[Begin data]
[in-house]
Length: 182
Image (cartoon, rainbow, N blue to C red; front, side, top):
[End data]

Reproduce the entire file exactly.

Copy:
[in-house]
Length: 182
Image (cartoon, rainbow, N blue to C red; front, side, top):